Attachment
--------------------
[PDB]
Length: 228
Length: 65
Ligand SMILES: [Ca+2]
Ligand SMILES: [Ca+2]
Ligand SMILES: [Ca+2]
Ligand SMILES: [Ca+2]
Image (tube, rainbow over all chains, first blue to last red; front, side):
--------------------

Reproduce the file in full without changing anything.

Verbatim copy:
[PDB]
Length: 228
Length: 65
Ligand SMILES: [Ca+2]
Ligand SMILES: [Ca+2]
Ligand SMILES: [Ca+2]
Ligand SMILES: [Ca+2]
Image (tube, rainbow over all chains, first blue to last red; front, side):